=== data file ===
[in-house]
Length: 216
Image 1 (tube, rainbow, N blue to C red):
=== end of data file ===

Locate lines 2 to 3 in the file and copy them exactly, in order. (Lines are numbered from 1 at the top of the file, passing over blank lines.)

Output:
Length: 216
Image 1 (tube, rainbow, N blue to C red):